If DHHS and DEQ adopt a more stringent health advisory goal for GenX, it would have implications for Chemours.
Under a 2019 consent order between DEQ, the company, and Cape Fear River Watch, Chemours must provide alternative water sources to households whose private wells contain GenX.
The order requires Reverse Osmosis systems installed and serviced for individual PFAS, including GenX, at 10 ppt or higher, or any combined PFAS at levels above 70 ppt. The specific GenX level of 140 triggers a whole house replacement of either municipal hookup (which comes with a caveat of being under $75,000) or whole-house granular activated carbon or they can choose RO if they like
Households whose wells contain GenX at or above 140 ppt are eligible for a whole-house granular activated carbon system, municipal water (as long as the connection cost is less than $75,000) or reverse osmosis.
Based on the consent order, if that advisory goal is reduced to 5 parts per trillion, more homes would become eligible for alternative water, or an upgrade in the current systems, at Chemours’ expense.
As of June 2021, 6,103 wells had been tested more than 17 miles from the plant, according to DEQ. Of those, 235 had levels of GenX at or above 140 ppt.
Geoff Gisler, an attorney with the Southern Environmental Law Center, which represents Cape Fear River Watch, said the consent order also requires Chemours to notify downstream utilities if it discharges GenX at concentrations above the health advisory goal.
Chemours has reduced, although not fully eliminated, its GenX discharges because of treatment systems required by the consent order.
Those controls have helped decrease the levels of GenX entering the public water systems. However, based on a stricter health advisory goal of 5 ppt, Brunswick County’s “finished water” — which has been treated — showed levels this spring and summer above that threshold in 16 of 18 weeks.
The Cape Fear Public Utility Authority, which serves Wilmington, has tested for GenX in finished water at its Sweeney plant each week since January 2018. Levels have exceeded 5 ppt a dozen times this year.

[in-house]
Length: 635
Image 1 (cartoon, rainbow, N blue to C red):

Vaughn Hagerty, spokesman for the utility, said CFPUA staff is contacting state officials “to help us understand the implications” of the EPA’s GenX toxicity assessment and how it may impact the state’s 140 ppt lifetime-exposure health goal for GenX in drinking water.”
Cape Fear River Watch, a nonprofit group based in Wilmington, said based on the EPA’s findings, DHHS should immediately revise the state’s 140 ppt health goal for GenX , which indicates it should be closer to 4.5 ppt.
There are also data gaps on the effects of mixtures of PFAS in drinking water, which the EPA acknowledges. That’s important because if GenX is detected in drinking water, there are usually other PFAS in it as well.
As part of a 2019 GenX exposure study, Jane Hoppin of NC State, along with DeWitt of ECU and other researchers studied 85 private wells in Cumberland and Bladen counties. In addition to GenX, researchers found 10 other PFAS in more than 50% of the wells.
Public water systems have reported similar results. In Brunswick County, treated drinking water contained 31 types of PFAS, including GenX. CPFUA reported 19, including GenX, according to utility data.
The EPA is also re-evaluating the toxicity of PFOA and PFOS. If the agency also lowers health advisory levels for those compounds, said Andrews of the Environmental Working Group, “it could have enormous implications.”
There is a larger policy lesson in the EPA’s latest findings, said Geoff Gisler of SELC. “It should be that we can’t keep doing this. This story [about GenX] broke four and half years ago. It was a major contamination issue with a clear source and lots of people affected in a state with amazing scientists. We had all the right ingredients to respond and it’s still been four and half years. If we have to wait that long for each of these chemicals, we’ll never clean up our water.”
This story has been corrected to show that Smithfield Foods does not discharge the compound. A DEQ database showed concentrations, but this was due to laboratory detection limits and state requirements that zero be represented as a five or 10.